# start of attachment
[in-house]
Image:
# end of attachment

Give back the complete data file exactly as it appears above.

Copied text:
[in-house]
Image: